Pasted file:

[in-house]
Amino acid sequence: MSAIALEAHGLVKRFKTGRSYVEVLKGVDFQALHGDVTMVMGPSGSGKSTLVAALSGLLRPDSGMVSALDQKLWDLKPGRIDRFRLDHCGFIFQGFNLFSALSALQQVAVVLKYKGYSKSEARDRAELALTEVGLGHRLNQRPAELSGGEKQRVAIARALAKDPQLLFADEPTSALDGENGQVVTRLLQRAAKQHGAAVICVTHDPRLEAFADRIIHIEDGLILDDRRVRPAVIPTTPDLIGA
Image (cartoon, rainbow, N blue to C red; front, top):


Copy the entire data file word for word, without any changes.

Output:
[in-house]
Amino acid sequence: MSAIALEAHGLVKRFKTGRSYVEVLKGVDFQALHGDVTMVMGPSGSGKSTLVAALSGLLRPDSGMVSALDQKLWDLKPGRIDRFRLDHCGFIFQGFNLFSALSALQQVAVVLKYKGYSKSEARDRAELALTEVGLGHRLNQRPAELSGGEKQRVAIARALAKDPQLLFADEPTSALDGENGQVVTRLLQRAAKQHGAAVICVTHDPRLEAFADRIIHIEDGLILDDRRVRPAVIPTTPDLIGA
Image (cartoon, rainbow, N blue to C red; front, top):